- Get Started With Analyzing Runtime Performance – one more good article describing available tools for performance analysis;
- Orinoco: young generation garbage collection – this one is more theoretical but still quite important. Because understanding how garbage collection is working is crucial for every developer;
That’s all for now. Thanks!
Nowadays the amount of articles, blog posts and other sources of information is so huge. It makes it impossible to read all of the posted text. So here is the list of 5 articles I’ve read recently which I found quite useful:
- The Shocking Secret About Static Types – this one I think quite interesting because it provides some thoughts regarding benefits of static types. If you are thinking regarding using TypeScript in your next project – consider reading this one;
- You Might Not Need TypeScript (or Static Types) – this one is like an continuation of the previous one. More thoughts, ideas and alternatives;
- Choosing a frontend framework in 2017 – actually this one is not about choosing a framework. It’s more about evolution of front-end architectures and patterns. Anyway I found this one very interesting;
That’s all for now. Thanks!
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Automated regression testing on the big projects is one of the important approaches. A lot of projects are using this approach to reduce costs on manual regression testing, speed up the delivery, reduce costs of bug fixing. Automated UI testing is not an easy task because it’s tightly coupled with data, it’s highly dependent on HTML mark up, it’s slow (because communicating with browser via web driver, grabbing data from different HTML elements is slow), it’s really hard to verify visual issues with this approach (for example positioning of dialog on the viewport).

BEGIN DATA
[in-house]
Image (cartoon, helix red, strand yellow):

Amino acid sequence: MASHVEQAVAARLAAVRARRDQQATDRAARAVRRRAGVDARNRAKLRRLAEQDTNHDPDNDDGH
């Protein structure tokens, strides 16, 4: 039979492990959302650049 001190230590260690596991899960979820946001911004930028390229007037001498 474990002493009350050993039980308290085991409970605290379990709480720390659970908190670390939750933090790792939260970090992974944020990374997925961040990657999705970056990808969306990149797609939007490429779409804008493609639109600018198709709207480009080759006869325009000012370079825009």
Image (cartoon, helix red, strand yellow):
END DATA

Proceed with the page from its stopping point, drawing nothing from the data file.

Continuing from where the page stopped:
Continue reading “Visual regression testing”
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This is my personal opinion. I’ll not try to convince you that your language is good or bad. Programming language is a matter of preference. But of course your programming language is the best.
- It’s really hard to avoid it;
- It’s not strictly typed;
- Browsers behavior may vary;
- Dozens of frameworks and libraries with different API and sometimes even syntax (e.g. Angular);
Let’s go through these items and I’ll explain what I mean.
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I’ve started to write a small game on GitHub to try Node.js, because I’ve never touched Node.js during work hours. On my current project I’ve back-end written with Microsoft .NET. I’ve decided to not use any UI framework, I just added Browserify to share some code between front-end source code and back-end source code. I’ve written a small amount of code and tried to cover this code with Unit Tests. And at this point I found that I have nothing to cover…
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Couple of days back I’ve started using VS Code as an additional code editor (along with Visual Studio and Sublime). I want to share some findings and issues, which I’ve faced.
Continue reading “VS Code for front-end developer”